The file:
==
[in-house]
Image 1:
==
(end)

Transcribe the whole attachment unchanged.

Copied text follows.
[in-house]
Image 1: